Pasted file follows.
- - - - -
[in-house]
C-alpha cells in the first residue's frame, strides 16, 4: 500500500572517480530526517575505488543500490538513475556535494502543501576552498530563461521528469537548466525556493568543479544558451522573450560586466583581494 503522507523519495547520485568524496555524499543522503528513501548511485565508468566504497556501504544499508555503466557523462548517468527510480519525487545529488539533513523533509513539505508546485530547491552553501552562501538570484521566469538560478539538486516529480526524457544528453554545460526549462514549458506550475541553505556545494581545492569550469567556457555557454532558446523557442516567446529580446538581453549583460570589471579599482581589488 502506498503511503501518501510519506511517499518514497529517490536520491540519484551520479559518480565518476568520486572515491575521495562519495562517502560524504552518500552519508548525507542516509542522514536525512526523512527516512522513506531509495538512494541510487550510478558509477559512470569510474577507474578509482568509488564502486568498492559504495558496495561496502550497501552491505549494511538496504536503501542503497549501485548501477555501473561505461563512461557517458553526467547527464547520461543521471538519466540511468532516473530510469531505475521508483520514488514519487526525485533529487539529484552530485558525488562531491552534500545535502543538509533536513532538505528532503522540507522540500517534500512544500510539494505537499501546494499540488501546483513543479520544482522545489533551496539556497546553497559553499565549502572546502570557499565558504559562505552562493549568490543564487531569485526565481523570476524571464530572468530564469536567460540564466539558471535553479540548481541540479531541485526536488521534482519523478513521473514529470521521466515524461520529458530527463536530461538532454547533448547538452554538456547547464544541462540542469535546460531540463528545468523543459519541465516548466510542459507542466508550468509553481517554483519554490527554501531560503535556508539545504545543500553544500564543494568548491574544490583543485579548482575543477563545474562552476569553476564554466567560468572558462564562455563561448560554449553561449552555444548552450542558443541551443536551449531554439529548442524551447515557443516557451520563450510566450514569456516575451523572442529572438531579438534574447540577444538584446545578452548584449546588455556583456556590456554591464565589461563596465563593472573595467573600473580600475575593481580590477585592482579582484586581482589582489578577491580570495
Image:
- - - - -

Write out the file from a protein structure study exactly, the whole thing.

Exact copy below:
[in-house]
C-alpha cells in the first residue's frame, strides 16, 4: 500500500572517480530526517575505488543500490538513475556535494502543501576552498530563461521528469537548466525556493568543479544558451522573450560586466583581494 503522507523519495547520485568524496555524499543522503528513501548511485565508468566504497556501504544499508555503466557523462548517468527510480519525487545529488539533513523533509513539505508546485530547491552553501552562501538570484521566469538560478539538486516529480526524457544528453554545460526549462514549458506550475541553505556545494581545492569550469567556457555557454532558446523557442516567446529580446538581453549583460570589471579599482581589488 502506498503511503501518501510519506511517499518514497529517490536520491540519484551520479559518480565518476568520486572515491575521495562519495562517502560524504552518500552519508548525507542516509542522514536525512526523512527516512522513506531509495538512494541510487550510478558509477559512470569510474577507474578509482568509488564502486568498492559504495558496495561496502550497501552491505549494511538496504536503501542503497549501485548501477555501473561505461563512461557517458553526467547527464547520461543521471538519466540511468532516473530510469531505475521508483520514488514519487526525485533529487539529484552530485558525488562531491552534500545535502543538509533536513532538505528532503522540507522540500517534500512544500510539494505537499501546494499540488501546483513543479520544482522545489533551496539556497546553497559553499565549502572546502570557499565558504559562505552562493549568490543564487531569485526565481523570476524571464530572468530564469536567460540564466539558471535553479540548481541540479531541485526536488521534482519523478513521473514529470521521466515524461520529458530527463536530461538532454547533448547538452554538456547547464544541462540542469535546460531540463528545468523543459519541465516548466510542459507542466508550468509553481517554483519554490527554501531560503535556508539545504545543500553544500564543494568548491574544490583543485579548482575543477563545474562552476569553476564554466567560468572558462564562455563561448560554449553561449552555444548552450542558443541551443536551449531554439529548442524551447515557443516557451520563450510566450514569456516575451523572442529572438531579438534574447540577444538584446545578452548584449546588455556583456556590456554591464565589461563596465563593472573595467573600473580600475575593481580590477585592482579582484586581482589582489578577491580570495
Image: